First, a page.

“At the time, dance music was uplifting and euphoric,” says Hollowell-Dhar. “Everybody was on the same page about it. It was almost like there was a DJ outfit to wear and a DJ hand gesture when you’re playing your song. It was like a gold rush that’s so new, if you just follow these steps, you could be a big DJ. Anybody who has seen anything cyclical in music knows that only lasts so long, and most people get left in the eyes of history looking like imitators. The people that stand out do so because they approached it from a very genuine way and in most cases, popularised it and set the template for others. I saw an opportunity to create this world around KSHMR that was darker and had more drama, more edge, with aspects of cinematic scoring, to present people with something contrary to how everything was.”
“It was like starting from scratch for me,” he continues. “I had a fresh slate. It was so revitalising. Every day I was thinking of anything and everything I could do with this project using all I learned having gone through the music industry. The dance music world affords you complete freedom from rules. It’s difficult to categorise exactly what pleases the dance community. It seems to be a whole range of things. But if you’re offering something new, it quite often does the trick.”
His absence from the public eye for the first year of KSHMR afforded Hollowell-Dhar the time to be prolific, producing enough music to have a whole set of just his own tunes when he finally did emerge from hiding. This helped solidify the world of KSHMR through his underlying goal of getting his musical message across through storytelling. The KSHMR show has a narrative that is relayed through not just multi-dimensional music, but also words and a visual component of illustrations, animation and lights. It is told in chapters that you should be present for to follow the script, with the hero of the story being each member of the audience. This idea, in large part, is to keep the audience in place from start to finish, not running from stage to stage at a festival, catching snippets here and there.
“One of the earliest thoughts I had when I saw the crowd all looking at the DJ was imagining them like an army following a commander, which was an unusual take on it since the vibe of the rave is about peace, love, unity, respect,” says Hollowell-Dhar. “I thought it would be interesting to try something that sounded like that, so my earlier work is menacing and military-esque. At the time, it was a new area in the spectrum of emotion for the sphere of dance music.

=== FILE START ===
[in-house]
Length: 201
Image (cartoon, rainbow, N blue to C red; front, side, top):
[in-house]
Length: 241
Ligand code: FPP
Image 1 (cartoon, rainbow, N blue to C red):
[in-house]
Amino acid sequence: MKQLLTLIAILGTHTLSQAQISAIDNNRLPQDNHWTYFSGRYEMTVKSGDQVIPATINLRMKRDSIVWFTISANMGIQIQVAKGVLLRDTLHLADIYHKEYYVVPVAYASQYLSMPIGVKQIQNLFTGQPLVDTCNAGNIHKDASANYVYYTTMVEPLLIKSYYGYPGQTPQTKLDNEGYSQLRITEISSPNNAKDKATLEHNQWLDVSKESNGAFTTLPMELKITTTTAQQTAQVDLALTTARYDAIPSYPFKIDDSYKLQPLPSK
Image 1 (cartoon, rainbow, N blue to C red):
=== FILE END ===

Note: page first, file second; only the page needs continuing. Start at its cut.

“Dance music is a challenge,” he continues. “With pop music, it’s about the vocal. With dance music, you have to be impressive with the production as it moves the whole responsibility of the song to satisfy the listener. When you’re working on music in the pop world, it is a very human experience. You have these checks and balances, people to stop you if you’re getting too crazy. Dance music is such a solitary art, you kind of have to bring people in to keep you from running your own songs to the ground, not knowing when to stop when you have something special, not realising in mistakes there is a lot of genius. You have this idea of what it should be. Somebody else can tell you when it’s great.”
His show has graduated to what Hollowell-Dhar presented at the DJ Mag Top 100 DJs Awards in 2016 when he walked away with the Highest Live Act award. This followed his first entry ever into the Top 100 DJs poll in 2015 at No.23, when he moved up to No.12 in 2016. The latest iteration of the show sees additional elements of scoring as well as a more tangible presentation with fire, wind, water, and snow, which Hollowell-Dhar will be unveiling at a special DJ Mag show during Miami Music Week.
“I’d like to tell a story to make people really feel, and have it give context to the music,” Hollowell-Dhar explains. “Dance music has been so synthetic. We’re entering an era where the human element is emerging. The electronic instruments of dance music have a specific quality of being very clean, quantized and in your face. Then you find something like a little flute with some cultural relevance or value. These old, traditional instruments almost have a human strain. They almost sound like they hurt when they go through a particular note. It seems like a great idea, but you quickly find these two types of instruments don’t play well together. So, you figure out how to incorporate them into a hit song — which was difficult to do in the first place. But that’s important to me, trying to give people a human behind synthetic instruments and MP3s.”
KSHMR references author Leonard Mlodinow, who puts forth ideas about the role of the subconscious in his book, Subliminal: How Your Unconscious Mind Rules Your Behaviour. His subconscious is something with which Hollowell-Dhar feels he is at war with when it comes to himself. “I feel the concern is with the equation of what people will like as the key to music,” he reflects. “I don’t think there is an equation. For me, all the progress I’ve made has been the equation of my own mind. How do I get myself into the state where I’m capable of creating?
“The way you succeed is by finding unity between your soul and what it wants, what you’re really good at, and how to present it,” he continues. “You put out 10 songs and one of them gets a response, and quite often, you’re not surprised. You knew there was some quality about that song when you made it. We just don’t know ourselves well enough. It’s all about learning ourselves, to gain the confidence that when you really listen to yourself, you’ll be rewarded. The temptation is, ‘I’ve got to hide myself as much as possible and not let anybody know that I’m this weirdo or I have these musical inclinations.”
At this statement, it seems the big empty house in Bel Air suits KSHMR’s creative thought process perfectly. However, the solicitous producer with good looks to boot isn’t a total recluse. “There are so many things that you spend so much time hiding because you feel you’re never going to get anywhere with them,” he adds. “Then a couple of them slip through the cracks and you realize that’s the whole key.”